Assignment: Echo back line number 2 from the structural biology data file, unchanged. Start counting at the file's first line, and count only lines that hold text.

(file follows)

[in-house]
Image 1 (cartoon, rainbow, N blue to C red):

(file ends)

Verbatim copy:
Image 1 (cartoon, rainbow, N blue to C red):